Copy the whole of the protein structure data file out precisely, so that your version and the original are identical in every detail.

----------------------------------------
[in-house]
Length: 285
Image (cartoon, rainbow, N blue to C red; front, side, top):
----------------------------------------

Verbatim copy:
[in-house]
Length: 285
Image (cartoon, rainbow, N blue to C red; front, side, top):